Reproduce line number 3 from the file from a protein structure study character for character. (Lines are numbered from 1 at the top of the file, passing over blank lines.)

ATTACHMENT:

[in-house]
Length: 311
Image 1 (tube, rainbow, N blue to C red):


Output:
Image 1 (tube, rainbow, N blue to C red):